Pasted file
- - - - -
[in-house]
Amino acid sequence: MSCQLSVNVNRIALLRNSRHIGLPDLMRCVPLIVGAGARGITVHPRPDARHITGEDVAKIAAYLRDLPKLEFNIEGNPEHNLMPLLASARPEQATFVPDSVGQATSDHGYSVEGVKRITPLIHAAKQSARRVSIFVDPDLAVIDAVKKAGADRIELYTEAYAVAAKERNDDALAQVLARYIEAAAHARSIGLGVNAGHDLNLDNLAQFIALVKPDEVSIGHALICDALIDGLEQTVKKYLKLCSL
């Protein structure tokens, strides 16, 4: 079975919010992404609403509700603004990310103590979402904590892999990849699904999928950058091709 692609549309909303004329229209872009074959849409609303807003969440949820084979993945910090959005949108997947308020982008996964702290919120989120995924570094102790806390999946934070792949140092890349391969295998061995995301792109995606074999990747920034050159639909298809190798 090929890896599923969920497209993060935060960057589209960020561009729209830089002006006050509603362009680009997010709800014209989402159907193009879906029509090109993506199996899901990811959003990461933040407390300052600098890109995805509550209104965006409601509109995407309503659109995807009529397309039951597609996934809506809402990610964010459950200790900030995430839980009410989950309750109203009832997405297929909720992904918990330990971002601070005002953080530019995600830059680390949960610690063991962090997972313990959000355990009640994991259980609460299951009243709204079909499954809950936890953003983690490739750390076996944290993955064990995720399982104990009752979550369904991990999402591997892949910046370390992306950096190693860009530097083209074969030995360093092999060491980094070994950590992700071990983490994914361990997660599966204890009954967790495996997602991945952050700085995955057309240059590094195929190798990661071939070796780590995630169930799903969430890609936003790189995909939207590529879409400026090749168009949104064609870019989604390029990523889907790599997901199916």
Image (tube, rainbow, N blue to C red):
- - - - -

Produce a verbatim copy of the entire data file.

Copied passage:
[in-house]
Amino acid sequence: MSCQLSVNVNRIALLRNSRHIGLPDLMRCVPLIVGAGARGITVHPRPDARHITGEDVAKIAAYLRDLPKLEFNIEGNPEHNLMPLLASARPEQATFVPDSVGQATSDHGYSVEGVKRITPLIHAAKQSARRVSIFVDPDLAVIDAVKKAGADRIELYTEAYAVAAKERNDDALAQVLARYIEAAAHARSIGLGVNAGHDLNLDNLAQFIALVKPDEVSIGHALICDALIDGLEQTVKKYLKLCSL
């Protein structure tokens, strides 16, 4: 079975919010992404609403509700603004990310103590979402904590892999990849699904999928950058091709 692609549309909303004329229209872009074959849409609303807003969440949820084979993945910090959005949108997947308020982008996964702290919120989120995924570094102790806390999946934070792949140092890349391969295998061995995301792109995606074999990747920034050159639909298809190798 090929890896599923969920497209993060935060960057589209960020561009729209830089002006006050509603362009680009997010709800014209989402159907193009879906029509090109993506199996899901990811959003990461933040407390300052600098890109995805509550209104965006409601509109995407309503659109995807009529397309039951597609996934809506809402990610964010459950200790900030995430839980009410989950309750109203009832997405297929909720992904918990330990971002601070005002953080530019995600830059680390949960610690063991962090997972313990959000355990009640994991259980609460299951009243709204079909499954809950936890953003983690490739750390076996944290993955064990995720399982104990009752979550369904991990999402591997892949910046370390992306950096190693860009530097083209074969030995360093092999060491980094070994950590992700071990983490994914361990997660599966204890009954967790495996997602991945952050700085995955057309240059590094195929190798990661071939070796780590995630169930799903969430890609936003790189995909939207590529879409400026090749168009949104064609870019989604390029990523889907790599997901199916």
Image (tube, rainbow, N blue to C red):